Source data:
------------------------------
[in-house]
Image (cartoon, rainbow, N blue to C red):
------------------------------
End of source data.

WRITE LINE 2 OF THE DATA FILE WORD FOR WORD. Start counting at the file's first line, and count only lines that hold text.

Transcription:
Image (cartoon, rainbow, N blue to C red):